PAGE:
Keyboarding is a physical and mental skill that is essential in the 21st century. Reasons abound why touch typing is preferable to the hunt-and-peck method of typing, but primarily, the use of muscle memory to practice touch typing makes typing immediate, easy, and accurate.
Consistent use of the keyboard will lead to mastery and unconscious retention of where each letter is on the keyboard. This style of typing leverages the use of muscle memory, which means as you type with your fingers, it also assists with your spelling.
If someone who has been typing for years is asked to describe where a particular letter is on the keyboard, they may not be able to answer quickly because conscious thought is slower than the fingers. If they can set their fingers on a keyboard, they’ll be able to show you right away. Repetitive use of the fingers makes you reach for the individual keys when you need them without conscious thought.
What are the benefits?
Increased productivity results from touch typing since typing becomes faster, so more work can be accomplished. Assignments are more comfortable to perform, and less time is spent in front of the computer. When the process is automatic, it makes cognitive energy flow better.
The ideas flow without being interrupted by language articulation, and there will be a significant improvement in writing quality without constant interruption. The importance of learning to type cannot be overstated since it is the primary method by which students do their homework, and it is how standardized tests are taken.
The growing array of pieces of technology in the classroom, participation in online collaboration, and discussion boards shows the effectiveness of keyboarding. If any student is without the appropriate keyboarding skills, he is at a distinct disadvantage in school during job interviews and computer-based tests.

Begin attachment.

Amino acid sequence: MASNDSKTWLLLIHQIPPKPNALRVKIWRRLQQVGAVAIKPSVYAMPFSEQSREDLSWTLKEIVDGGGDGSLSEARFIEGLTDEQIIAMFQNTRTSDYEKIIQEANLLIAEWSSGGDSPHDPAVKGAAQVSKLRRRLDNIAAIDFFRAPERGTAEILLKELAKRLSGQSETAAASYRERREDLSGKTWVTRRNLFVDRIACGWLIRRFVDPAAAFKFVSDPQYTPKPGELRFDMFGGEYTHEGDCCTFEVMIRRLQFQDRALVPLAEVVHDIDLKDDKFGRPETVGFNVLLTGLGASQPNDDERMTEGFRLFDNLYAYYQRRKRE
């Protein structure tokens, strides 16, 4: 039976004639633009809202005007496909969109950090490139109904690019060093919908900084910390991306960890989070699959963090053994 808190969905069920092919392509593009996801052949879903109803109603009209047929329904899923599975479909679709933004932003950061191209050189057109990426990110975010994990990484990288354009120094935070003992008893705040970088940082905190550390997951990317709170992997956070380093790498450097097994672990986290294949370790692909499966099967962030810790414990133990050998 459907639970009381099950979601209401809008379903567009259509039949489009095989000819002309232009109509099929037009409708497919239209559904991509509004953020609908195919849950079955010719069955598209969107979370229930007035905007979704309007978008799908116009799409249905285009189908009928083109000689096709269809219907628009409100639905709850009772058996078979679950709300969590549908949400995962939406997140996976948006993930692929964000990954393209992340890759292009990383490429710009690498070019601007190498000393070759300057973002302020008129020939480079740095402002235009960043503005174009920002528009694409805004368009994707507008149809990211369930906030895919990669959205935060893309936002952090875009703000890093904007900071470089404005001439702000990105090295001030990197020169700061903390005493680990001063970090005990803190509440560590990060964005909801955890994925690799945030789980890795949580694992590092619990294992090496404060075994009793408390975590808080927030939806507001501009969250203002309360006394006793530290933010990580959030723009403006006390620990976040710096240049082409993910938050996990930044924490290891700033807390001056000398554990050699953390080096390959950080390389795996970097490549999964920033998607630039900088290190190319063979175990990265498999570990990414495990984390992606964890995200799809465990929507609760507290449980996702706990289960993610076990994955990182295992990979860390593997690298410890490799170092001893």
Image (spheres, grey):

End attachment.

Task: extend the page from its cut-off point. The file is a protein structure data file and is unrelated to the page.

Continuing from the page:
Indeed, standardized tests are one of the main reasons that keyboarding was added to the U.S Common Core State Standards for English Language Arts. As students advance in school, they are expected to improve in speed and accuracy. Grade 12 students should have developed to the extent that they can type a recommended 50 words per minute at 99% accuracy. Touch typing is one of the best ways to achieve this benchmark.
The U.S common State Standards for keyboarding are:
Grade 3 – Students should be able to produce and publish writing using technology with suitable guidance and support from adults.
Recommended Words per Minute (WPM) and Accuracy: 10WPM at 85% accuracy.
Grade 4 – Students should demonstrate satisfactory command of keyboarding skills and be able to type a minimum of a page in a single sitting.
15 WPM at 90% accuracy.
Grade 5 – Students should demonstrate an adequate command of keyboarding skills to type a minimum of two pages in a single sitting.
15 WPM at 90% accuracy.
Grade 6 – Students should demonstrate the necessary command of keyboarding skills to type a minimum of three pages in a single sitting.
25WPM at 95% accuracy.
Grade 7 – Students should be able to use technology alongside the internet, to produce and publish writing while also linking and citing sources.
30WPM at 95% accuracy
Grade 8 – Students should be able to use technology alongside the internet, to produce and publish writing and present the relationships between ideas and information effectively.